Not only has the request by the Federal Trade Commission (FTC) to temporarily halt Microsoft’s $68.7 billion deal to acquire Activision Blizzard pending its appeal decision been denied, but Microsoft and Activision Blizzard are also reportedly considering selling off some of their UK cloud-gaming rights to appease the UK’s Competition and Markets Authority (CMA).
As reported by Reuters and Bloomberg, Judge Jacqueline Scott Corley, the same judge who denied the FTC’s preliminary injunction request against the massive deal, also denied the FTC’s request to stop the deal until the Ninth Court of Appeals has made its decision.
“The FTC asks this Court to enjoin the merger at issue pending resolution of the FTC’s appeal to the Ninth Circuit Court of Appeals. The motion is denied,” Corley wrote.
Corley’s decision to deny this motion and the FTC’s preliminary injunction was due to many factors, with one of the main reasons being Call of Duty.
“Microsoft’s acquisition of Activision has been described as the largest in tech history,” Judge Corley said in the ruling. “It deserves scrutiny. That scrutiny has paid off: Microsoft has committed in writing, in public, and in court to keep Call of Duty on PlayStation for 10 years on parity with Xbox. It made an agreement with Nintendo to bring Call of Duty to Switch. And it entered several agreements to for the first time bring Activision’s content to several cloud gaming services.
“This Court’s responsibility in this case is narrow. It is to decide if, notwithstanding these current circumstances, the merger should be halted — perhaps even terminated — pending resolution of the FTC administrative action.
“For the reasons explained, the Court finds the FTC has not shown a likelihood it will prevail on its claim this particular vertical merger in this specific industry may substantially lessen competition. To the contrary, the record evidence points to more consumer access to Call of Duty and other Activision content. The motion for a preliminary injunction is therefore DENIED.”
Microsoft Acquires Activision Blizzard: The Story So Far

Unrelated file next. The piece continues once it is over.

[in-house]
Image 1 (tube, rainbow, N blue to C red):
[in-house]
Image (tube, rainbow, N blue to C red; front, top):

Microsoft and Activision Blizzard’s Attempt to Appease the CMA Reportedly Lies in the Cloud
As for the CMA, Microsoft and Activision Blizzard are reportedly considering giving up some of their cloud-gaming business in the UK in an attempt make the regulators more willing to let this mega-deal go through.
Sources have noted the companies could sell off their “cloud-based market rights for games in the UK to a telecommunications, gaming or internet-based computing company” or a “private equity company.”
The CMA vetoed the deal back in April 2023, but it said Microsoft and Activision Blizzard are more than welcome to restructure the terms of the proposed acquisition. Unfortunately, this would require a whole new investigation that could take quite some time to complete.
In regard to the original proposal, the CMA said, “the deal would alter the future of the fast-growing cloud gaming market, leading to reduced innovation and less choice for UK gamers over the years to come.”
Microsoft appealed the decision and a court date was set for July 28, which would be after the July 18 deadline for the Microsoft and Activision Blizzard to close. However, some analysts believe Microsoft negotiated a deal with CMA to let the deal close before their quarrel is resolved.
Speaking of the deadline, if the deal is not completed by July 18, Xbox would need to pay $3 billion to Activision Blizzard and the two companies would be able to renegotiate the terms of their merger.
IGN spoke to a handful of analysts who believed the deal will still go through, but it’s hard to predict with 100% certainty what will happen as we race fast to July 18.
For more, check out our complete trial recap for the Microsoft, Activision Blizzard, and FTC court case and why the FTC boss was recently accused of wasting taxpayer money with the Xbox verdict appeal.
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Adam Bankhurst is a news writer for IGN. You can follow him on Twitter @AdamBankhurst and on Twitch.
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